The Armageddon that US President Donald Trump has been recklessly promising North Korea if it did not pipe down may well be visited on the West Asia theatre. This is the upshot of the US leader’s Wednesday declaration that for Washington Tel Aviv will now no longer be deemed to be the capital of Israel, and that the US would officially recognise Jerusalem and move the US embassy there.
Historic Jerusalem is home to the holiest shrines of Judaism, Christianity and Islam. The city was partitioned into east and west in the wake of the first Arab-Israeli war in 1948, to go under Palestinian and Israeli control respectively. The Palestinian Territories, now constituted almost as a state, aspires to make East Jerusalem its capital after recovering it from Israel, which annexed it after the 1967 Six-Day War.
This is among the key aspects of the two-state solution in the Palestinian-Israeli conflict in respect of which the United States has attempted to play honest broker. With President Trump’s latest move, the US forfeits that privileged position.
The most likely impact of this is return to open warfare in West Asia, with no single power or international institution having the weight or influence to chaperon the peace process in the foreseeable future.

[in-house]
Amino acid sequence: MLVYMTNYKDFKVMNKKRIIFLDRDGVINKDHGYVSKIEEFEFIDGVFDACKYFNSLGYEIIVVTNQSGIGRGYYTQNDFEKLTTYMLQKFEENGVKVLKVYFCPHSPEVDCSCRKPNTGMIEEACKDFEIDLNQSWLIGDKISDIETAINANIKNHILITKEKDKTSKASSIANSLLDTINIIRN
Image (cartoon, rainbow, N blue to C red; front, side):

The world’s longest-running and most dangerous conflict, which has kept West Asia destabilised and given birth to nuclear rivalry between the perpetually sabre-rattling Israel and Iran (with Saudi Arabia making no secret of its own nuclear ambition), thus now finds itself as a region being drained of hope of peace.
The flip side of this is preparation for war by multiple forces into which the US could very easily be dragged. That will land countries like India, friendly with the Arab world, Iran, and the US at the same time into a zone of deep diplomatic anxiety.
Dipping into mythology, Israel has always regarded Jerusalem as its “united and eternal” capital. But Israel was created by the colonial powers by lopping off a part of the territory of Palestine, and the Palestinians have never accepted Israeli intransigence on Jerusalem.
They have nevertheless accepted the two-state solution, which visualises that Palestine will accept the existence of Israel, with Jerusalem being pragmatically shared by both countries, in light of history, politics and demographics. Mr Trump’s decision therefore strikes at the central core of any meaningful steps toward reconciliation in West Asia.
This makes America’s closest Arab allies and the Europeans very nervous, and they have publicly articulated their concern, with Turkey even threatening to cut off ties with Israel, with which it has good relations. The Pope has urged retaining the “status quo”. It is unclear if the US leader had the map of the world before him when he reversed 70 years of US policy.